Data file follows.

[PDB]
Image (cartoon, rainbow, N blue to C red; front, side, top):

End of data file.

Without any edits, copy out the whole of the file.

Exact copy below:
[PDB]
Image (cartoon, rainbow, N blue to C red; front, side, top):